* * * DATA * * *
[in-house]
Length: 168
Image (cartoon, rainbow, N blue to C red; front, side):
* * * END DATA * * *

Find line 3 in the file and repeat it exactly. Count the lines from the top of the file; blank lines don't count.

Image (cartoon, rainbow, N blue to C red; front, side):